WITH only a few days to go until the chancellor reveals the Budget for 2012, the nation’s business community will be hoping that this March stays true to the message of spring, bringing reinvigoration and new growth.
While the grip of the economic downturn has remained firm, the government has had to focus on slowing spending growth to reduce the deficit. But the outlook is not entirely gloomy.
It was encouraging to hear business secretary Vince Cable reiterate his commitment to putting growth and job creation at the centre of government policy at the Trade and Industry dinner at the Mansion House, a fortnight ago.
For centuries, the City has been at the heart of funding for international trade and today it continues to fulfil that role, as a servant of the global business community.
We must not forget these deep roots. From the medieval Stocks Market to the modern Stock Exchange, from coffee-houses to commodity derivatives – the private sector has always played an essential part in generating the investment, jobs and wealth needed to sustain the economy when public expenditure is under pressure.
At present, the UK’s financial services industry contributes an enormous amount to the UK, bringing in tax receipts to the tune of £63bn in the 2010/11 tax year, and generating £115.2bn for the economy – constituting 9 per cent of economic output in 2010. Currently, the financial services sector in the UK employs over 1m people, with 315,000 jobs located in the City of London.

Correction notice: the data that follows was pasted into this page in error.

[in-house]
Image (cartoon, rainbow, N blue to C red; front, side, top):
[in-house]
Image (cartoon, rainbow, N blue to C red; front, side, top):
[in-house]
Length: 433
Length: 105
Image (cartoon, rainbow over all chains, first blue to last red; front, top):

Sustainable job creation is the key to getting us on the road to economic recovery, and so we must embrace our role as an international business leader and take the City’s offering to the rest of the world.
Only last Thursday, the City of London celebrated the 10th anniversary of its City Programme, which since 2002 has been bringing young practitioners, regulators, central bankers and policy-makers from the more recent EU member states into London for attachments to companies and public bodies. The event was chaired by Miroslaw Kachniewski, president of the management board at Poland’s SEG.
The EU is a significant market, but the City has yet broader horizons. It is predicted that over the next five years, emerging economies will account for more than half of global growth, and will act both as generators and consumers of capital. This is why I will travel widely throughout my time in office, to forge, reinforce and, importantly, renew partnerships with centres of trade and industry all over the world.
Whatever the future brings, we can be sure of one thing: that UK business will stand tall. Time and time again, London has shown impressive resilience despite economic downturns, and has acted as a shock-absorber – not only for our partners across the UK, but also for Europe itself.
The rich history and culture of the United Kingdom owes much to the industriousness of its people and the careful cultivation of trade links. Reinforcing these links will be essential in ensuring that the next chapter, for both the UK and the wider world economy, proves a prosperous one.
David Wootton is Lord Mayor of the City of London.